Outdoor Wildlife Best Practices
We are committed to keeping people and pets safe in St. Louis County.
We share the County with many native wildlife species. Outdoor wildlife should be left alone. We will respond, remove, and test any wild mammal that has had contact with a person or a pet, and could have transmitted rabies through a bite wound.
Without the risk of rabies transmission, we defer calls about wildlife outdoors—as well as in the home (attic, crawl spaces, and other non-living quarters) to the Bi-State Wildlife Hotline and the Missouri Department of Conservation.
Bat or Wild Animal in my Home
- Remain Calm. The bat or wildlife has accidentally wondered into your home and is most likely looking for a way out.
- Call Us. We will send an Animal Control Officer to assist in the removal of the wildlife from your living quarters.
- Reduce Contact. Keep children and pets away from the wildlife, take care to ensure no one is bitten.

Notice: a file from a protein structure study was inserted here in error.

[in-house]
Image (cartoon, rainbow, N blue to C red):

Monday-Friday, 10:00 am - 6:00 pm. Call us at 314-615-0650, select option #6.
Outside of these hours, our Officers can be routed to you by the County Police Department. Please call the County Police Non-Emergency Hotline at 636-529-8210. Ask for an Animal Control Officer to come to your location.
Tips to Help Us Help You
- If no one in the house and no pets had contact with the wildlife, allow the wildlife the opportunity to leave on its own—open doors and windows, turn on lights, and don’t stand between them and an exit.
- If the bat or wildlife comes into contact with a person or pet, or if you are unsure, keep it confined. We will remove the wildlife and help you determine your level of risk for disease exposure.
- If confining a bat, turn all the lights on in the room. This keeps the bat from flying around.
- Keep an eye on the location of the wildlife, so that we can locate and capture it.
Bats and Other High Risk Interactions
The most common species of animals to carry rabies in the State of Missouri are bats and skunks. Bats are the species most commonly found to carry this disease in the St. Louis area.
A small number of bats come into contact with people or pets each year. This requires testing for rabies. However, less than 3% of those tested actually carry the disease.
If you find a bat in your home, please call an Animal Control Officer to remove the bat and help you assess if there was any risk of disease transmission.
Visit the CDC website. http://www.cdc.gov/rabies